- Making Your Characters Idiots to Keep the Plot Moving is Lazy. Swann also decides, suddenly and without warning, that she cannot stay with Bond right before the climax. It’s framed against her past: She lived a life of danger and intrigue with her father, and she won’t repeat her mistakes with Bond. All well and good, but literally any other time would be a better moment to have that conversation. Why give your little speech and walk away–alone–just seconds before Bond heads out to the final confrontation? Because you’re a lazy writer and you need to have Swann captured and held prisoner so Bond can go insane trying to save her in a ginned-up emotional moment. Having your characters behave in insane ways simply to create a scenario is bad writing.
These decisions regarding the Swann character ruin the story. Yes, the climax was already compromised by other problems with the writing–the fact that Blofeld’s evil superpowers are all telling with no showing, that Bond makes the curious tactical decision to deliver himself and the woman he loves directly into the hands of the enemy with no leverage or plan, the complete lack of any sort of realistic time sense in the whole story–but it could have been saved if they’d found a better use for the Bond Girl character, and not relied on bad writing tricks to move the story along. Watch this movie and learn what not to do.
Hey there hi there ho – a reminder that the 4th installment of my experimental-oh-so-modern series of digital-only short stories starring Avery Cates, The Iron Island will be available for pre-order next Friday, 11/13 (it would have been the 15th, but Sundays are for napping). I’ll post a link when it’s live.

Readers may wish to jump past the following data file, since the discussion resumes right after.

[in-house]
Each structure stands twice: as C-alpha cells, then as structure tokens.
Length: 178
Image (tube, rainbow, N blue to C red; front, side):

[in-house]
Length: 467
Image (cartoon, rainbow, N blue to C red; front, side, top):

A trailer’s coming too! Watch the skies.
Finally, here’s the first two paragraphs to remind you that you love Avery.
1. criminal, cop-killer, legendary asshole
Stomach rolling, I contemplated vomiting in the bag cinched over my head and the impact on my reputation that would cause. My hands were still bound, though Herra had been kind enough to cut the hogtie so I could sit normally; I could picture her wide grin on that wrinkled, weather-burned face as she reached around me to cut the ties, saying “Honor system, Cates, we’re trusting you not to jump an’ drown yourself.”
She smelled like a corpse—they all did, unwashed bodies in clothes that had been sweated and pissed and slept in—but then so did I, probably. The one blessing of the world was that you could never smell yourself.
Time, my eternal enemy. Look, we’re all busy, and if you’re a writer or some other creative type who also has to do other things to keep yourself in whiskey and Netflix, time begins to form up into your greatest foe, constantly conniving to steal your life right out from under you. Once you pass a certain age — different for everyone, but essentially the Rubicon between your carefree youth when spending hours watching cartoons while day drinking was a constructive use of your time and your maturity when every day is a heart-attack-inducing marathon of squeezing ninety minutes of activity into sixty minutes of actual time — time is the biggest obstacle to achieving things.